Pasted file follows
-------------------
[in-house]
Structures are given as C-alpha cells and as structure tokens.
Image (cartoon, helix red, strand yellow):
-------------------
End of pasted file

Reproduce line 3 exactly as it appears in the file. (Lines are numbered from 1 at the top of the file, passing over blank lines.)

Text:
Image (cartoon, helix red, strand yellow):